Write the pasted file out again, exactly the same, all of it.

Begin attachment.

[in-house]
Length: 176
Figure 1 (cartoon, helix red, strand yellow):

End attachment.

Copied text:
[in-house]
Length: 176
Figure 1 (cartoon, helix red, strand yellow):